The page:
If your boss hovers around your desk like a helicopter, changing the way you interact may keep him away from your cubicle.

Because they're unsure which employees require diligent oversight, managers new to their roles often supervise subordinates closely. In the absence of trust, they tend to manage everyone carefully, which can grate on the nerves of experienced workers. Since relationships are a two-way street, changing the nature of your association can be the difference between autonomous bliss and over-managed misery.

Use these techniques to instill trust in your relationship and keep your boss in his own office.

  1. Provide frequent updates: Take a proactive approach by voluntarily providing your boss with frequent progress reports. This technique will allow you to control when you interact with him, while demonstrating your trustworthiness. Gradually lengthen the time between your reports, until you've successfully retrained your boss. A savvy manager will soon turn their attention to other issues and employees, once they know they can count on you.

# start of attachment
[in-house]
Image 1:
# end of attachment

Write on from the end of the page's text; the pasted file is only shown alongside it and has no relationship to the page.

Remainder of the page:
2. Schedule meetings: You don't want to seem rude, or miss opportunities to bond with your boss, but if he has a tendency to stop by unannounced and stays too long like a tardy houseguest, tell him you're not prepared to have a meaningful discussion and ask if you can update him in the morning. Scheduled meetings over a defined agenda are likely to be shorter than impromptu sessions. Before you conclude, ask when he needs the next update and schedule a convenient time. Knowing when he'll receive your next report will put him at ease and dissuade him from looking over your shoulder during the interim.
  3. Offer subtle hints: Leaning forward in your seat, or sitting on the edge of your chair, will convey a sense of urgency. If you stand up when he enters your cube, it will discourage him from settling into a chair. In extreme cases, remove extra chairs from your cubicle or fill them with papers, which will keep any visitor from staying too long.

-- Leslie Stevens-Huffman